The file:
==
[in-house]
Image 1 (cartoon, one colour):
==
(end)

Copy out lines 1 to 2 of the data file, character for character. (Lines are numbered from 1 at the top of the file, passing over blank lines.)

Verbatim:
[in-house]
Image 1 (cartoon, one colour):